Saturday, January 30, 2010

Even my lip gloss is tough

Yes, I wear lip gloss to the garage. Mascara too. I do my hair and take time to decide on what I feel like wearing. I have several pairs of what I call “workout earrings.” I also shave my legs daily and put on self tanner in the winter even though I never wear shorts. Oh, I think I just heard a few of you gasp! But I’m also covered in bruises, have seriously calloused hands and scars on my fanny from Tabata sit-ups.

Does putting on make up before a workout give me the label “high maintenance?” Maybe. I do believe it means that my appearance is important to me. But I don’t think it indicates that I have “insecurities” to “cover up.” I only wish that applying cosmetics could remove any insecurity a woman has!

Over the years during my time spent in gyms, I’ve heard all of the comments that some women make about girls like me. “I can’t believe she bothers putting on make-up to work out!” My gut reaction to that statement is “Why do you care?”

I’ve also heard the ever-popular, “I don’t have time to get ready before I go to the gym. Must be nice.” Well, I am calling BS on that one. It’s all about setting priorities. I have 2 little girls to get off to school and places to be in the morning as well. I choose to make the time. We all have time to do the things we want to do. Just be honest and say that you don’t care – or that is isn’t important to you, which is fine with me. I applaud your choice. So, please don’t criticize mine.

Girly-girls are just as tough as anyone else. Do not doubt that for an instant. I would also warn you to not make assumptions about her athletic ability based on her appearance. That girl standing in the corner with the perfect lip gloss just might kick your ass in today’s WOD. And watch out, there are a lot of us hard working girly-girls darkening the doors of CrossFit boxes everywhere.

Do not assume that I care less about my workout because I care about how I look when I walk in the door. I’ve never had a poor WOD time because I was having a good hair day. And my lip gloss never slows me down. I can assure you that. At the same time, I would never suggest that my make-up free counter parts are not ass-kickers as well.

So why do I bother? When I look good, I feel good. And when I feel good, I perform well. But the simplest answer is. . . It’s who I am.

Friday, January 29, 2010

Poker-faced? Not hardly.

There are people in this world that can shield their emotions and thoughts from everyone. You never quite know what they are thinking. How they’re feeling, where their mind is at. I would NOT be one of those people.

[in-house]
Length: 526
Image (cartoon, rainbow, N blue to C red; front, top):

I’ve been told by my closest friends, and my mother, that they know how I’m feeling by hearing the first words out of my mouth, or seeing my face. I just choose to live my life like an open book. I’m very generous with sharing my thoughts, maybe too much sometimes. I’m one of those people that can’t keep it all in. Not enough space in my crazy head to hold in the things I need to say.

The down side to this quality of mine is that I frequently get asked “What’s wrong?” And if I say “Nothing,” well, they almost always know that I am lying. So what I really need to say is “Yes, something is terribly wrong, but I am not ready to tell you right now.” Just give me a few minutes, I can’t keep quiet for long.

The positive side, I will never get an ulcer. I don’t hide what I think. Everyone knows where they stand with me, good or bad. It’s kind of a liberating feeling. I get to be exactly who I am, because, even if I wanted to, I can’t pretend otherwise.

If I am sad, you will know. I don’t project to the world that everything is perfect when it’s not. If I am happy, you will know it, because I will want you to share it with me. I guess if you want to be in my life, you’ll have to take me for who I am. And if you don’t, you’ll probably hear about it.

Do you hold your cards close, or lay them out on the table?

Tuesday, January 26, 2010

I, Client, take you, Coach

The relationship that a client shares with a trainer is very special. It’s imperative for the two to mesh in a similar way that you would in any other relationship. You have to believe that your trainer has your best interests at heart. You have to trust them. You have to know that they will protect you from injury, the best they can. You depend on them for emotional support and lean on them to get you through physical adversity. They should build your self esteem and praise your accomplishments. Is this a lot to ask of someone? Yes. Is it too much to expect? No.